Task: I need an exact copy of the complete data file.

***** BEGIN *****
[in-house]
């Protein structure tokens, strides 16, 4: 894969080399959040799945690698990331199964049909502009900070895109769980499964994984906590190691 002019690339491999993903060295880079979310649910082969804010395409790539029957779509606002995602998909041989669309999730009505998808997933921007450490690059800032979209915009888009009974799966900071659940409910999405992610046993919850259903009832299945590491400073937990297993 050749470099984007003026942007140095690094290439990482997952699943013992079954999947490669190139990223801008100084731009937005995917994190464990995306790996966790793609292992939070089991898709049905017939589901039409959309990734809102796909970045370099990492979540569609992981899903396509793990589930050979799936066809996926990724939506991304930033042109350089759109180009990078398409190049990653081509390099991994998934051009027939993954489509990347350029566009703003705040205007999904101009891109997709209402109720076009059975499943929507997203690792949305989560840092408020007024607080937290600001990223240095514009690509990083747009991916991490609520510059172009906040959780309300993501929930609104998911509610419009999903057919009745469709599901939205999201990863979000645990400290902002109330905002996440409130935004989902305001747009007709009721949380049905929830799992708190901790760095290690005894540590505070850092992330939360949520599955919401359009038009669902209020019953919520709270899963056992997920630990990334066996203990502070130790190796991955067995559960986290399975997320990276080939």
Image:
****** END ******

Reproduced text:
[in-house]
């Protein structure tokens, strides 16, 4: 894969080399959040799945690698990331199964049909502009900070895109769980499964994984906590190691 002019690339491999993903060295880079979310649910082969804010395409790539029957779509606002995602998909041989669309999730009505998808997933921007450490690059800032979209915009888009009974799966900071659940409910999405992610046993919850259903009832299945590491400073937990297993 050749470099984007003026942007140095690094290439990482997952699943013992079954999947490669190139990223801008100084731009937005995917994190464990995306790996966790793609292992939070089991898709049905017939589901039409959309990734809102796909970045370099990492979540569609992981899903396509793990589930050979799936066809996926990724939506991304930033042109350089759109180009990078398409190049990653081509390099991994998934051009027939993954489509990347350029566009703003705040205007999904101009891109997709209402109720076009059975499943929507997203690792949305989560840092408020007024607080937290600001990223240095514009690509990083747009991916991490609520510059172009906040959780309300993501929930609104998911509610419009999903057919009745469709599901939205999201990863979000645990400290902002109330905002996440409130935004989902305001747009007709009721949380049905929830799992708190901790760095290690005894540590505070850092992330939360949520599955919401359009038009669902209020019953919520709270899963056992997920630990990334066996203990502070130790190796991955067995559960986290399975997320990276080939």
Image: